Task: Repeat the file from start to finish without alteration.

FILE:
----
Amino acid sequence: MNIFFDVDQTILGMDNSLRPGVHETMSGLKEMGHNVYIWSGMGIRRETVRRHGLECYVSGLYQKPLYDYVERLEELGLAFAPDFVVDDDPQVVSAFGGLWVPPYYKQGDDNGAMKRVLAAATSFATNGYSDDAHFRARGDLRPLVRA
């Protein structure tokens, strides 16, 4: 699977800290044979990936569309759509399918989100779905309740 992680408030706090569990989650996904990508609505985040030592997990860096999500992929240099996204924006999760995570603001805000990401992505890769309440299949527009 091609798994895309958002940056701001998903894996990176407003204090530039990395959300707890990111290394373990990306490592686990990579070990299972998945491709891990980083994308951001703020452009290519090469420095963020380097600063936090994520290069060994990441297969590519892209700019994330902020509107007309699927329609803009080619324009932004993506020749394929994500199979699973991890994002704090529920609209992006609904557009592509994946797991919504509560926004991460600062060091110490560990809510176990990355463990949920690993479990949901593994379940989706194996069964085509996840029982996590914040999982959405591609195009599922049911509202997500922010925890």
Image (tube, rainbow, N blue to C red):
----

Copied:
Amino acid sequence: MNIFFDVDQTILGMDNSLRPGVHETMSGLKEMGHNVYIWSGMGIRRETVRRHGLECYVSGLYQKPLYDYVERLEELGLAFAPDFVVDDDPQVVSAFGGLWVPPYYKQGDDNGAMKRVLAAATSFATNGYSDDAHFRARGDLRPLVRA
């Protein structure tokens, strides 16, 4: 699977800290044979990936569309759509399918989100779905309740 992680408030706090569990989650996904990508609505985040030592997990860096999500992929240099996204924006999760995570603001805000990401992505890769309440299949527009 091609798994895309958002940056701001998903894996990176407003204090530039990395959300707890990111290394373990990306490592686990990579070990299972998945491709891990980083994308951001703020452009290519090469420095963020380097600063936090994520290069060994990441297969590519892209700019994330902020509107007309699927329609803009080619324009932004993506020749394929994500199979699973991890994002704090529920609209992006609904557009592509994946797991919504509560926004991460600062060091110490560990809510176990990355463990949920690993479990949901593994379940989706194996069964085509996840029982996590914040999982959405591609195009599922049911509202997500922010925890």
Image (tube, rainbow, N blue to C red):